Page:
Tuesday, August 16, 2011

Young Skunk

One of the major routes in the Upper Peninsula is M-28. The highway runs from one end of the peninsula to the other and passes through national forests, the Seney National Wildlife Refuge, and land leading up to the shore of Lake Superior. It's a very scenic drive, especially between Munising and Marquette, but it's also a death trap for animals. In places where M-28 follows the shoreline, the road becomes a barrier between the forest and Lake Superior, a major source of food and water for wildlife.

I've seen many different animals dead along this stretch of highway: deer, raccoons, foxes, skunks, squirrels, porcupines, and even an opossum. With the volume of traffic along M-28 so low (as compared to that of downstate, for example), I sometimes wonder how cars manage to hit skunks and porcupines, as they are such slow and bumbling animals. One has to remember, however, that many of these animals are out at night, and this highway becomes very, very dark once the sun sets.

On a recent trip down M-28 toward Munising, we found a freshly-dead skunk. Her nose was still wet, her teeth were so white and sharp, and she was tiny: a kit from this year, she was about the size of a healthy Ann Arbor fox squirrel.

We brought the body home, double-bagging it for two reasons. For one, her scent glands hadn't been ruptured, but she still did smell like a skunk, and even more importantly, her face was covered in deer ticks. I'd never seen deer ticks before -- and I could have lived without ever seeing them -- but when we got home, we picked off nearly forty of them from the poor skunk's face alone. They're tinier than dog ticks, and are vectors for all sorts of nasty diseases, so extra care had to be taken.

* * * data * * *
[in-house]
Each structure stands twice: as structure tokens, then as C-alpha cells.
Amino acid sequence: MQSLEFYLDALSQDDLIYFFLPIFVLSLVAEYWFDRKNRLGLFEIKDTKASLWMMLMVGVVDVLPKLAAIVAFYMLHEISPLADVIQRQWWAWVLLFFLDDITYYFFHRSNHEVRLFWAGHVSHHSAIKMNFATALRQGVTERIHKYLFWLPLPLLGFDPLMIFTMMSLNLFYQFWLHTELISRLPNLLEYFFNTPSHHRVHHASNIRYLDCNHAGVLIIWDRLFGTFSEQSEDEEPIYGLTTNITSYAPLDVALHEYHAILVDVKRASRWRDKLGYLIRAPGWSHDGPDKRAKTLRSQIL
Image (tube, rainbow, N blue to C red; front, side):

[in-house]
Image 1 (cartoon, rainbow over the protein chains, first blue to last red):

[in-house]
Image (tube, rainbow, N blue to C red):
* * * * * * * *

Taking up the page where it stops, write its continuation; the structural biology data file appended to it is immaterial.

I cleaned up the skunk, washing her with a mixture of water, peroxide, dishsoap, and baking soda, to both help eliminate the skunky scent, as well as to kill the lice, fleas, and remaining ticks. I promptly froze the body in our new chest freezer, and took pictures the next day after everything had thawed.

August Skunk I

August Skunk II

I've found that skunk feet are amazing. Their front claws are long and sharp -- for digging out tasty grubs -- and their back paws are fleshy and, oddly enough, very much like baby feet.

After I finished photographing the little skunk, I case skinned the body. It was my first time trying this method of skinning, and I found it to be far easier than ventral skinning, which I've done on a squirrel and a chipmunk. Special care had to be taken around the skunk's scent glands. They were located at the base of the tail, and I was shocked by how large they were, for a skunk of such small size.

The face was the last part of the body to be skinned, and when the fur was pulled away, sharp teeth and powerful jaw muscles were revealed. I buried the corpse in our backyard, near the raccoon; it's certainly a better place to decompose, rather than languishing in the center of the road.

Why skin an animal? For me, the reasons are twofold. Obviously, it's a learning experience. When the skin is stripped away, left behind is the body, sleek and muscular and bony, no longer obscured by fur. It's fascinating to see, and I'm constantly surprised at how delicate these animals are, their ribcages so frail beneath my fingers. Secondly, it's my goal to learn how to skin, tan, and eventually mount animals. Taxidermy has long been an interest of mine, and seeing all the creatures in the Mammal Division really made me revisit this interest.

This little skunk won't become a taxidermy mount; what she will become is a tanned pelt, as well as beetle food and, ultimately, food for the soil.


  1. Very brave to skin a skunk. Truly, your photographs are amazing. There is beauty in even their paws and noses. Wonderful!

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